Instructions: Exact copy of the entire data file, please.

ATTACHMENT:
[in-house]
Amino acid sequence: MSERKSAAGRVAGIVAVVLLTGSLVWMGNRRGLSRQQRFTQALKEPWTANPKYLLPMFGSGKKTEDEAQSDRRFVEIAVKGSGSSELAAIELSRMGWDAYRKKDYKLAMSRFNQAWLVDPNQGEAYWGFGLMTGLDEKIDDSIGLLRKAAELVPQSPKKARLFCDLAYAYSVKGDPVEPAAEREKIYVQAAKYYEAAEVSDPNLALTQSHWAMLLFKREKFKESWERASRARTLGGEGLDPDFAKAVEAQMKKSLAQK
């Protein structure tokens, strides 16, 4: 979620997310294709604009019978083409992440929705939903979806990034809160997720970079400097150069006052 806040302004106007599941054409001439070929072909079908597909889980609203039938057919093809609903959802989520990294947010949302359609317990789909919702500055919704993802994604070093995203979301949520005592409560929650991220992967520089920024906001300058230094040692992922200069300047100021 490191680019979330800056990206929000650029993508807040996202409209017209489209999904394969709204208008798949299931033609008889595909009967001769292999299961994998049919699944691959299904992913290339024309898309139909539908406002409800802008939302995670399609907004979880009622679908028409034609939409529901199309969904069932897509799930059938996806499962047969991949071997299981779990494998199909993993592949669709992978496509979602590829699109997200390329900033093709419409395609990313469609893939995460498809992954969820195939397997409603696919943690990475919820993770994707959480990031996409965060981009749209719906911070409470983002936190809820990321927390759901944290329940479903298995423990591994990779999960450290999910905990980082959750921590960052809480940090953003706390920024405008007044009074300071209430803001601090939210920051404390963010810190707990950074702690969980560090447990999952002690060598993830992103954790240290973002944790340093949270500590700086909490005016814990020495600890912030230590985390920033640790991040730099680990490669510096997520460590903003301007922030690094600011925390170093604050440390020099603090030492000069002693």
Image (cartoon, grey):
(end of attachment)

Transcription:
[in-house]
Amino acid sequence: MSERKSAAGRVAGIVAVVLLTGSLVWMGNRRGLSRQQRFTQALKEPWTANPKYLLPMFGSGKKTEDEAQSDRRFVEIAVKGSGSSELAAIELSRMGWDAYRKKDYKLAMSRFNQAWLVDPNQGEAYWGFGLMTGLDEKIDDSIGLLRKAAELVPQSPKKARLFCDLAYAYSVKGDPVEPAAEREKIYVQAAKYYEAAEVSDPNLALTQSHWAMLLFKREKFKESWERASRARTLGGEGLDPDFAKAVEAQMKKSLAQK
């Protein structure tokens, strides 16, 4: 979620997310294709604009019978083409992440929705939903979806990034809160997720970079400097150069006052 806040302004106007599941054409001439070929072909079908597909889980609203039938057919093809609903959802989520990294947010949302359609317990789909919702500055919704993802994604070093995203979301949520005592409560929650991220992967520089920024906001300058230094040692992922200069300047100021 490191680019979330800056990206929000650029993508807040996202409209017209489209999904394969709204208008798949299931033609008889595909009967001769292999299961994998049919699944691959299904992913290339024309898309139909539908406002409800802008939302995670399609907004979880009622679908028409034609939409529901199309969904069932897509799930059938996806499962047969991949071997299981779990494998199909993993592949669709992978496509979602590829699109997200390329900033093709419409395609990313469609893939995460498809992954969820195939397997409603696919943690990475919820993770994707959480990031996409965060981009749209719906911070409470983002936190809820990321927390759901944290329940479903298995423990591994990779999960450290999910905990980082959750921590960052809480940090953003706390920024405008007044009074300071209430803001601090939210920051404390963010810190707990950074702690969980560090447990999952002690060598993830992103954790240290973002944790340093949270500590700086909490005016814990020495600890912030230590985390920033640790991040730099680990490669510096997520460590903003301007922030690094600011925390170093604050440390020099603090030492000069002693």
Image (cartoon, grey):